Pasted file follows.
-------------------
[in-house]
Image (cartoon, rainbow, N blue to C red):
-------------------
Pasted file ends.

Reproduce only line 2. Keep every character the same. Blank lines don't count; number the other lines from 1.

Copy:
Image (cartoon, rainbow, N blue to C red):